Home improvements are a great way to add value to your home while increasing your quality of life, but most of us face one problem: the cost. Fortunately, home improvement grants are available to help reduce the costs or help you afford higher quality materials. Let's take a closer look at what these grants are and how to get them.
What Is a Home Improvement Grant?
A home improvement grant, otherwise known as a home repair grant, is financial assistance supplied by the government at the Federal, State, or Local level that assists homeowners wishing to make specific improvements to their homes. As long as you meet the requirements of the grant, it will never have to be repaid.
There is no guarantee that you or your home improvement project will qualify for this type of grant as your project must be for a specific purpose, such as improving safety, accessibility, or liveability, but it's always worth investigating.
Which Home Improvement Grants Are Available?
Several places offer home improvement grants, including:
- Your local Housing and Urban Development (HUD) office
- The National Residential Improvement Association (NRIA)
- The U.S. Department of Agriculture (USDA).
Your local HUD office is the best place to start. They offer grants such as the HOME Investment Partnerships Program, which is specifically for low-income homeowners, among others.
The NRIA will be able to offer you potential grants when you provide them with information about your property, the history of your property, and details regarding your home improvement project.
You will also have the option to apply for a USDA Grant if you live in a designated rural area. Their home improvement grant provides up to $7,500 to improve the health, safety, or accessibility of a rural home. The Low Income Housing Repair Loans and Grants have specific eligibility requirements.
Who Qualifies For a Home Improvement Grant?
The requirements vary depending on the grant you hope to receive. Generally, though, grant providers will look at the homeowner's income, the location of the home, and details of the home improvement project.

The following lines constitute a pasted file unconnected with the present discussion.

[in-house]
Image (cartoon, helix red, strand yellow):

You will almost certainly need to provide evidence supporting your income, why you need the financial aid, an assessment of your home, and how much your project is likely to cost.
Make sure you check the requirements before applying for a home improvement grant and don't be surprised if you aren't accepted for a grant as this funding can be limited.
Other Options To Covering the Cost of a Home Improvement Project
Suppose you are unable to qualify for a home improvement grant or miss out on funding. In that case, there are other financial options that you can consider to cover the costs of your home improvement project, including loans, refinancing, and equity.
The 203(k) loan offered by the Federal Housing Administration is a popular option for many homeowners. This type of loan allows you to borrow money for home renovation, usually at an affordable rate. The HUD and the USDA also offer loans at a relatively low cost if you meet their income and location requirements.
If you have lived in your home long enough to build up a fair amount of equity, you should be able to apply for a home equity line of credit (HELOC), a home equity loan, or cash-out refinancing. Just ensure that you do your due diligence into each lender to ensure that you are getting the best deal.
If you are looking to make eco-friendly or green home improvements, you may be eligible for a green energy grant or an appropriate tax credit. Look to EnergyStar.gov, energy commissions, or local energy companies to determine if you qualify for either of these. Check out our previous post for more information about Green Energy Grants and Tax Credits.
Looking for the right home improvement grants can be time-consuming, but it's well worth doing if you believe you may qualify. There is free grant money that could be waiting for you to help you realize your home improvements in many cases. Spend some time reading through the requirements and apply if you believe you qualify before looking to alternative financing methods, such as borrowing.